The Subways – Money and Celebrity (Cooking Vinyl)

September 29, 2011 by  

Just over 7 years have passed since The Subways rose from the depths of Welwyn Garden City to thrash and throw their brand of short, sharp rock back into the faces of the current crop of indie apple carts, upsetting all the trends along the way. They have since paid for their indiscretions with rough live reviews and a poorly received second album, due in no small part to it being heavily leaked a full week prior to release. Despite being an album that critics liked, ‘All or Nothing’ didn’t garner any memorable singles and the time spent away making that album saw the meteoric rise of bands like Snow Patrol and Franz Ferdinand. It meant that they lost the sharpness, zest and most importantly, relevance which had made up their magical debut ‘Young for Eternity.

Another 3 years away from the limelight has been spent crafting ‘Money and Celebrity’ in order to bring themselves back to the heady days of their height. They start off with ‘It’s a Party’ and that is exactly what it seems. The initial feeling is that they are back, alive and kicking. It’s a burst that says we’ve never been away – or at least, we’ve never been any different.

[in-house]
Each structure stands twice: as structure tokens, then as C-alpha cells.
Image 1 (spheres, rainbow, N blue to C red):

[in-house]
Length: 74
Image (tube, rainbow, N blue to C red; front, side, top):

Unlike their previous offerings, the post Britpop-laced compositions are exchanged for clever riffs and power chord structures borrowed from the libraries of Jimmy Eat World et al, and it sounds as if the late fees have been piling up. If the opener is an emo-tinged taste, ‘We Don’t Need Money To Have A Good Time’ is camped in territory occupied by bands like The Offspring, and the feeling of clever pop-punk revelry is clear to see. Lyrically, there’s nothing to shout about, just a lot to shout. The songs are driven by the music, where the words are vehicle for a sentiment that is sometimes lost or barely there.

Despite this, there are some great stompers on show, and sonically the girl/boy combo still works as well as it always did.

There are still glimpses of indie influence scattered about: the opening bars of ‘Down Our Street’ and the feel of the track prove this. ‘Kiss Kiss Bang Bang’ brings the tempo once again, and one of the stand out tracks ‘Rumour’ towards the end mixes and combines all brief styles together with a great opener and fearsome middle.

It winds right down a little with ‘Leave My Side’ which again, is not new country for The Subways, but it is lesser seen on this album with the band opting to rock their way back into your hearts and minds. In some places solid, in others throwaway but oddly enough always displaying an engaging brand of rock, it should appeal to fans and diehards. The train is definitely back on the track, but it is going to take a little more than goodwill to get it all the way to the station.

[rating:3]


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